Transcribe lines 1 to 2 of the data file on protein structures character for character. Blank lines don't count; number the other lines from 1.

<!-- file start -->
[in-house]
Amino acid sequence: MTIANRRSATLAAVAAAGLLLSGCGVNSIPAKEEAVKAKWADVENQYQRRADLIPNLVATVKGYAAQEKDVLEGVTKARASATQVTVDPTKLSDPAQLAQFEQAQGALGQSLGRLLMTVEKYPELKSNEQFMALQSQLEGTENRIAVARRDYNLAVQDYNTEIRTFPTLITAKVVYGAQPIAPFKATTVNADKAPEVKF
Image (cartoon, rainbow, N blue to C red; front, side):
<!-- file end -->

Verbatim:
[in-house]
Amino acid sequence: MTIANRRSATLAAVAAAGLLLSGCGVNSIPAKEEAVKAKWADVENQYQRRADLIPNLVATVKGYAAQEKDVLEGVTKARASATQVTVDPTKLSDPAQLAQFEQAQGALGQSLGRLLMTVEKYPELKSNEQFMALQSQLEGTENRIAVARRDYNLAVQDYNTEIRTFPTLITAKVVYGAQPIAPFKATTVNADKAPEVKF